Going through a divorce is no easy feat and is even more complex when children are involved. Child support payments are often required when a married couple with kids splits. The purpose of child support is to supplement provisions for the following for the child:
- Overall support
Keep reading for the answers to your questions about child support in Oregon.
Frequently Asked Questions
According to the Oregon Department of Justice (DOJ):
Who is eligible for child support services?
Both parents have child support services available to them. Regardless if you or the other parent reside in another state, you may apply for child support services in Oregon. Relatives or other caretakers who have physical custody of the child are also eligible.
Who should I contact for child support services?
If your child receives public assistance, contact your local Child Support office for the answers to your questions regarding:
- Establishing paternity
- Establishing, modifying, or enforcing a support order
- Much more
If your child hasn’t received public assistance yet, contact your local District Attorney.
What do I need to do?
If you’d like to establish paternity or collect child support, you’ll need to comply with the Oregon Child Support Program. When applying for child support, it’s in your best interest to include as much of the following information as possible so that the case manager can locate the parent and collect support:
- The full name and address (or last known location) of the other parent
- The parent’s Social Security number (may be located on documents like pay stubs, tax forms, and health insurance forms)
- The parent’s date of birth
- The present or last place the parent worked
- If you were divorced, the county and state where the divorce occurred, as well as a copy of the order or the county and state where there’s another support order
- The birth certificate and Social Security number of the child or children
- Information about assets like banks accounts, vehicles, or land that the other parent may own
What services are not offered?
Child support won’t cover all services. You won’t be able to obtain the following services from child support:
- Legal advice
- If you need legal advice, you’ll need to hire an attorney at your own expense. If you have an attorney, the Division of Child Support or the District Attorney must consult your attorney rather than directly with you unless your lawyer says otherwise.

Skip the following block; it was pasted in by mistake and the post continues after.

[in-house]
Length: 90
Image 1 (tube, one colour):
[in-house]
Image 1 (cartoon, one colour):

- Spousal support
- If child support is established, then spousal support will also be enforced. If there is no order for child support, but the parent who receives support is signed up for any kind of public assistance, then the DOJ can withhold funds and provide accounting services.
- Visitation and legal custody
- You must discuss these matters with your attorney or handle them in court.
How are child support payments made?
By design, you should receive child support payments electronically. You have the following two options:
- Direct deposit to a bank account
- Onto a ReliaCard
Do payments HAVE to be made electronically?
Electronic payments are the standard method of payment; however, it is possible to qualify for an exception based on special circumstances.
How do I request an exception?
To request an exception, you’ll need to submit the following Request for Exception to Electronic Disbursement Enrollment form:
- Request for Exception to Electronic Disbursement Enrollment
Once you submit the request, the DOJ will review it and tell you their decision within 30 days of receipt of your request.
How do I contact my case manager?
We’re Here to Help
If you have more questions about child support services in Oregon or you’d like legal assistance obtaining the support your child needs, we may be able to help. Our attorneys here at Baxter Harder, LLC are highly skilled in family law matters and have helped many other people in similar situations. Let us see if we can help you, too. Don’t delay—contact our office right away with any questions you may have.
Call Baxter Harder, LLC today at (541) 238-9210 to speak with a Bend attorney about your case.